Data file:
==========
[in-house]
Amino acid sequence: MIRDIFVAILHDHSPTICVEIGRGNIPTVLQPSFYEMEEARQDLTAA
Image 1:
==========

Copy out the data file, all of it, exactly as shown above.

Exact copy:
[in-house]
Amino acid sequence: MIRDIFVAILHDHSPTICVEIGRGNIPTVLQPSFYEMEEARQDLTAA
Image 1: